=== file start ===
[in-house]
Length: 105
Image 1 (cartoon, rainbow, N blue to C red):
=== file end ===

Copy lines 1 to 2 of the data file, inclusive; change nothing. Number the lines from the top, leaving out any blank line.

[in-house]
Length: 105